Miles Malbrough came to law school knowing he wanted to practice in the public interest. A native of Sumner County, Tennessee, Miles had earned his undergraduate degree in social studies at Harvard University and considered pursuing a Ph.D. “I was interested in intergenerational social mobility, and I took a lot of sociology classes that examined social issues in urban areas. Most of our cases studies were from Chicago and New York. I knew that a lot of the same issues existed in the rural south, and I saw that was under-studied and under-appreciated in the academy.”
But after three years of work with the Peace Corps in the Dominican Republic, he instead found himself applying to law schools. “I realized I wanted to be a public interest lawyer—and that I wanted to practice in the South,” he said.
Vanderbilt became his first choice because of its strong Public Interest program, its location in the Southeast, where he wanted to practice, and its academic rigor. Miles will graduate in May feeling well-prepared for public advocacy. “Vanderbilt has exceeded my expectations,” he said. “I knew law school here would be rigorous, but I did not imagine I’d have the flexibility to explore in-depth social justice legal issues to the extent I have through my coursework and extracurriculars.”
Starting in his 1L year, Miles focused on gaining public interest experience. He volunteered with the Vanderbilt and Woodbine Immigration Clinics and led the 2020 Pro Bono Spring Break trip to Jackson, Mississippi. He spent summers working as an appellate litigation intern at the Equal Opportunity Employment Commission in Washington, D.C. and as a judicial intern for Judge Liam O’Grady of the Eastern District or Virginia. “Dean Miller and the Office of Public interest have been my go-to resources for internship opportunities and job applications,” he said. “Those experiences helped me identify what type of work I wanted to do.”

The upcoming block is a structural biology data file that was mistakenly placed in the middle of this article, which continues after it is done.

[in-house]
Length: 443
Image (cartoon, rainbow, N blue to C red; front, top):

Miles also participated in the Vanderbilt Legal Academy Scholars Program, through which students interested in teaching law attend presentations of scholarly papers by legal scholars throughout the academic year. Students in the program receive a small stipend and have opportunities to work as research assistants. Miles worked for Professor Jessica Clarke, a constitutional law expert whose work focuses on equality and non-discrimination law.
On-campus inclusion initiatives were also an important part of his VLS experience. “My work for Black Law Students Association and the Equity, Diversity and Inclusion Council allowed me to build friendships with classmates from varied perspectives,” Miles said. “Professor Clarke’s Antidiscrimination Seminar stands out because it was a rare opportunity to engage in critical analysis of scholarship and judicial opinions while also discussing our personal perspectives on controversial legal issues.”
As a 3L, Miles mentored an incoming 1L as one of 10 student volunteers who helped launch a new program, 1Levate program, that supports first-generation students with strong leadership potential.
After graduation, Miles will work as an Equal Justice Works Fellow at the Legal Aid Society of Middle Tennessee and the Cumberlands. “My project aims to narrow the Black-white wealth gap in Middle Tennessee through community education and estate planning, and by representing heirs in partition actions,” he said.
While working at the Legal Aid Society as an intern that Miles learned that many African Americans lack legal wills and are thus vulnerable to losing the ability to preserve generational wealth by passing a house along to a single heir. “If a homeowner dies without a will, the house is owned collectively by all legal heirs, and any one of them has a right to force a sale to collect their share of the inheritance, even if another heir is living in the house,” Miles said.
Such forced sales are common in cities like Nashville, where rising property values have resulted in rapid gentrification. As an EJW Fellow, he hopes to prevent forced sales and promote estate planning in Nashville’s Black community.His project is funded by the Albert & Anne Mansfield Foundation.
Miles gained estate planning experience during spring break 2022 working with a pro bono student team sponsored by the University of Memphis. “I was in their wills and estates track, and we worked with several senior centers under the supervision of a local attorney, David Cook,” he said.